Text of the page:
AFRICA/BURUNDI - Care and assistance for the ethnic minority Batwa, the forgotten Pygmies

Friday, 15 June 2018 solidarity   local churches   ethnic minorities   poverty   missionaries   missionary institutes   human rights  


Bujumbura (Agenzia Fides) - The Batwa, an ethnic group which represents about 2% of population in Burundi, is a community still strongly discriminated against in a country that was torn apart by a civil war until 2005 and which remains one of the poorest countries in the world. This community is recognized by the national Constitution as the third ethnic group. It is a minority that has no rights. The majority are illiterate and live in very precarious housing structures. With the decrease of traditional sources of income such as hunting, ironwork and pottery, this population survives mostly by begging.
To cope with this emergency, there are various initiatives by the Church and civil society to take care of this "forgotten minority". Bishop Joachim Ntahondereye, of the diocese of Muyinga, promotes the development of the Batwa Pygmies in Gisanze, continuing the work which was started by Xaverian missionary Fr. Fiore D'Alessandri, who died in Gisanze, to help these "poor among the poor". The local Church promotes the schooling of children and takes care of the construction of small houses in order to allow families to leave the unhealthy huts in the forest. It aims to contribute to the well-being of the small ethnicity of the Pygmies - Batwa, forgotten by everyone.
Even the Missionaries of Africa (White Fathers) in Burundi are committed to improving the housing conditions of the Batwa. The "Batwa House Project" aims at guaranteeing community land for dozens of families, freeing them from the condition of semi-slavery in which they find themselves.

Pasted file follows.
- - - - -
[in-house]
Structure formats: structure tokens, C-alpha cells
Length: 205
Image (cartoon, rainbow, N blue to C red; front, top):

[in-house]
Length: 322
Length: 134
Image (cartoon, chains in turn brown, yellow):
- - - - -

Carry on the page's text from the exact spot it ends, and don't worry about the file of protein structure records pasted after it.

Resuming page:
Another project of solidarity is "Harambee", which in Swahili means "All together" which aims to help 100 Batwa women between 18 and 30 years of age who want to offer their children the opportunity to study. Fifty children will benefit from the initiative. Education, in fact, represents for them the only possibility to build a better future.
As stated in the note sent to Agenzia Fides, the project, promoted by the SOS Réseau Associatif de Femmes pour le Droit et le Développement (SOS RAFD) organization, aims at helping the population of Mutimbuzi, 70 thousand inhabitants, by contributing to the schooling of children and the socio-economic promotion of women. (AP) (Agenzia Fides, 15/6/2018)


local churches

ethnic minorities



missionary institutes

human rights